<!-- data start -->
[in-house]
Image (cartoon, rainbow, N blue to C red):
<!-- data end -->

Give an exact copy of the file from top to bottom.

[in-house]
Image (cartoon, rainbow, N blue to C red):